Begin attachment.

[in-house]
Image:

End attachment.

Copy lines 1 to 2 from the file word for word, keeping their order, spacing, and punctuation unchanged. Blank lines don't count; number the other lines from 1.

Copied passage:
[in-house]
Image: